Petit

Natalia Brandt, Natalia Czarcińska, Diana Fiedler, Mikołaj Garstecki, Anna Goebel, Jerzy Hejnowicz, Valeriia Ianichek, Paweł Kaszczyński, Jarosław Kozłowski, Ewa Kulesza, Hanna Łuczak, Andrzej Pepłoński, Mikołaj Poliński, Paweł Polus, Alicja Rybkowska, Jarosław Szelest, Dorota Tarnowska-Urbanik

Andrzej Pepłoński

In typography, PETIT is a small eight-point size of the printing font, which is used for the content of “lesser” weight, on the margins of what is “important.” They hide the seemingly trivial footnotes and didaskalia, or risky content written in tiny print like in banking documents…                                                                                                                                                               

            In the column “Notes Printed in Petit” from the collection titled “Calendar cards,” Kornel Makuszyński recalls how he found, in a non-representative corner of the newspaper,    a message printed in petit:

“A dancer of an unknown name shot herself in a cafe. The large audience gathered in the premises did not notice anything, the jazz band drowned out both the sound of the shot and the fall of the dead body.“

And although experience teaches us that size is only loosely correlated with value, every day

big = important and bigger = better

Since 1970, in the officially applicable (?) Standard of typographic units of the Didot system, in accordance with PN -70/P-55010, the largest font is 48 point SQUARE. Used to print titles. Garamond or Cicero is best for content…

The concept of the exhibition presenting works, often small in size, sketches, first approximation of the concept or barely a thought… would it better convey the title referring to the smallest size? Maybe a four-point DIAMOND or a three-point BRILLANT?

“The Brillant is too small. We’d better write it in PETIT or even a larger font.”

/Cit. Jacek Mrowczyk, A Small Typographic Dictionary/

The most famous equation of the world – in its simplified variant – E=mc2, has become a significant part of mass culture with all its consequences. We all know it, hardly anyone understands it. I humbly admit – I belong to the group of the ignorant. We know – Einstein, 1905, theory of relativity, the principle of equivalence of mass and energy, and more precisely – “energy” equals “mass” multiplied by a square of constant speed of light (in vacuum).              As a result – the atomic bomb…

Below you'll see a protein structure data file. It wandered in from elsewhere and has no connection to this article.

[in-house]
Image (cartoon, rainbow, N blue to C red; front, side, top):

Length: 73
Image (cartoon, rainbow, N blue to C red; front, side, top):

If we assume that in the field of art the equivalent of “energy” is the suggestiveness of the message, power of influence, and “mass” are the physical properties of the medium, the aspect of its material measurability – size, weight – the consequence of substituting these values ​​in the equation would be an alternative – or work, the larger, the better… or

The solution would be to go beyond the unproductive digressions about big – small, better – worse and to perceive reality as it is – neither big nor small, neither good nor bad. In Mahayana Buddhism, this non-valued way of perceiving is expressed through the term tathata. This word is the root of the word Tathagata and means “He who came in this way.” Gautama Shakyamuni used this term to refer to himself. In a broader sense, it also translates as “the one who is like that.” The word is the equivalent of this term

SUCHNESS.

Andrzej Pepłoński

Natalia Czarcińska

CRUCIAL COMMENTS

Funny. When the world is missing in its entire width and height, the smallest objects that are on the periphery of this wide and high world become central and extremely deep.
            (Jarosław Mikołajewski, In Hospital, Austeria, Krakow 2018)

CRUCIAL COMMENTS

One of my favorite writers and essayists Tomasz Wiśniewski, whose characteristic form is short, concise texts combining humor with horror, used in one of his stories the phrase “crucial commentary.” Intuition suggests that it may be a suitable title for a few thoughts, short sentences on the margins of the PETIT exhibition, invitation to which was accepted by artists representing various media, forms of expression and languages ​​of artistic articulation.